Sometimes, my kids’ lunchboxes are not perfect according to someone else's opinion. The ingredients that make up the meal are not organic and I often add in their favorite cookie as a bonus. And you know what? I’m ok with this. Everything I put in the lunchbox was made fresh in my kitchen, even when I had to grab a quiche or smoothie from my freezer at the last minute.
I once shared this lunch on Facebook and the comment "I hope those berries and veggies are organic, otherwise you are serving your kid a pesticide-filled meal" made me feel pretty terrible about the lunch I had just sent to school.
Having more than 70,000 parents in the MOMables community
means that I receive hundreds of emails every week. I read every email that lands in our community inbox since it gives me an insight of what parents are struggling with when it comes to feeding their kids.
It often pains me to read these emails, since they are filled with guilt about not having perfect little meals, parents unsure of what to feed their picky eaters, others want to make a change but don’t really know how or have the time, and then there are those who are intimidated by the kitchen because they did not eat homemade meals at home growing up.
But what troubles me most, are those that are at the point of giving up because everything they read on the internet makes them feel inadequate about their situation and it diminishes their efforts. I can’t help but hit “reply” to many of these emails with encouraging words, words that I tell myself as a mother when I’m having a bad day and I’m in the kitchen at 6 o’clock, too tired to cook.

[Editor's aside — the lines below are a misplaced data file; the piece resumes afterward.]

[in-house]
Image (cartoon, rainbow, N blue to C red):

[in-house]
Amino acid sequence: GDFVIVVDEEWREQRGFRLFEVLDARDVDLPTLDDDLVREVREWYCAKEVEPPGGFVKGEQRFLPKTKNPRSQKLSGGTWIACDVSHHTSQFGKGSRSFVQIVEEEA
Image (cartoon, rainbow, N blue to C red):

The reality is that it’s not about making every meal perfect; it’s about looking at the day as a whole and doing your best to include the most nutritionally rich items as possible.
While the organic debate is still out there, it’s important to put things into perspective. Nutritionally, it’s far better to include a non-organic cup of fresh berries inside a lunchbox than an organic cookie. And yet, many parents do not include fruit in their daily meals because they can’t afford organic for their families.
The definition of the word “healthy” is different for everyone. For someone who follows a Paleo diet, butter, eggs, fish and lean meats are healthy; and yet, these beliefs are much different from those who eat a low-fat diet or vegan diet. Again, it’s a matter of perspective.
What’s important to remember before judging and vocalizing our opinions is that not everyone is at the same place in our journey towards feeding their families “healthy” meals. What I can say is, that nearly everyone is trying and doing their best with the budget allocated towards food and what is available in their area.
A Farmer’s market in Los Angeles provides an abundance of colorful fruits and vegetables year round; while a market in the Mid-West will have limited produce in the middle of January. In fact, some of us don’t have farmer’s markets or organic grocery stores nearby and driving an hour to shop at one is not always an option. Let's not forget that we all have different things available in our areas.
I will close by sharing what I often include in my emails to those that take the time to share their struggles. To them, I always say “do your best with what you have available, smile at the opportunity to try something new, and don’t give up. Feeding our families is less about perfection and all about our efforts, even when our kids refuse to eat the food.”